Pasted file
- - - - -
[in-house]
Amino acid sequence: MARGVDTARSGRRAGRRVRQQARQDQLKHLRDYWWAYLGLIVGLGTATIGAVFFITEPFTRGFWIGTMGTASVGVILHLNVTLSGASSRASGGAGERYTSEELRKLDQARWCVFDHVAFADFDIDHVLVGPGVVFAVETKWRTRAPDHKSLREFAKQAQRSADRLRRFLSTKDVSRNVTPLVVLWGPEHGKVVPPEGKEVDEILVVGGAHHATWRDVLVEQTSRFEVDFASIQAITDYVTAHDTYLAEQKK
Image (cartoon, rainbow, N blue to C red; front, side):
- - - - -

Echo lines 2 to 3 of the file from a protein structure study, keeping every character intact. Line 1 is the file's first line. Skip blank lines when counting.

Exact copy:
Amino acid sequence: MARGVDTARSGRRAGRRVRQQARQDQLKHLRDYWWAYLGLIVGLGTATIGAVFFITEPFTRGFWIGTMGTASVGVILHLNVTLSGASSRASGGAGERYTSEELRKLDQARWCVFDHVAFADFDIDHVLVGPGVVFAVETKWRTRAPDHKSLREFAKQAQRSADRLRRFLSTKDVSRNVTPLVVLWGPEHGKVVPPEGKEVDEILVVGGAHHATWRDVLVEQTSRFEVDFASIQAITDYVTAHDTYLAEQKK
Image (cartoon, rainbow, N blue to C red; front, side):